Focusing on new construction and remodel projects, her company currently does more than $12 million in annual volume between its HVAC and plumbing components, and has 100 employees.

“In the late 1990s, our volume was up to $32 million, and we had nearly 353 people working for us,” she says. “However, we truly enjoy having a smaller sized company. In addition, the larger you are, the greater the potential for liability and latent defects.”

Also during the late 90s, John Garvelink held national leadership roles in the Plumbing Heating Cooling Contractors association, and was the first chairman of the North American Testing Excellence (NATE).

“Because of my association leadership responsibilities, I was away often away from the office,” says John. “As a result, Mary took on an even greater leadership role, and all major decisions rested on her. Not only did she grow as a business owner, our company continued to flourish.”

Garvelink is quick to attribute a large part of her company’s success to having a great team of employees.

“John and I are committed to providing a positive atmosphere where our employees can excel and grow,” she says. “I have tremendous respect for them, and have always felt that they work with me, rather than for me.”

Industry Involvement

As with her early introduction to the wonders of HVAC, Garvelink also saw the value of association involvement when she was just a child.

“I attended conventions and equipment shows with my dad, who was an officer with the Michigan State Horticultural Association. It was clear how valuable it was to network with peers,” she says. “Therefore, not long after we started our company, we became involved with PHCC. It certainly has helped the success of our company and my understanding of this industry.”

When the association needed a zone director from their region, John was again asked to run.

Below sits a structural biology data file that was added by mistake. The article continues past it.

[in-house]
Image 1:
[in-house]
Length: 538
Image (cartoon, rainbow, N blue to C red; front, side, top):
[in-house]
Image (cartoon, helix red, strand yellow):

“John felt that he had already served his time, and said, ‘You know just as much about this business. Why don’t you run, instead?,’” she says.

Not only did Garvelink become the zone director, she soon ran for national vice president and was elected, becoming the first woman to hold this position. This put her in place to become PHCC’s first female president, a post she will accept at the association’s October convention in Boston, MA.

“We are so pleased that Mary Garvelink was selected as the Woman of the Year by Contracting Business,” says Ike Casey, executive vice president of PHCC- National Association. “We believe that Mary’s professionalism, high ethical standards, and dedication to the industry make her an excellent example of success for women in the plumbing and HVACR fields.”

Husband John agrees, “Because she is so team spirited, I have no doubt she will be a wonderful leader.”

As PHCC president, Garvelink says she looks forward to working with PHCC members and partnering with other industry associations to further important issues such professionalism and education.

“I am so proud to be a part of this industry and have it as my livelihood” she says.

And it’s this spirit and commitment that makes Mary Garvelink our clear choice for this year’s Woman of the Year.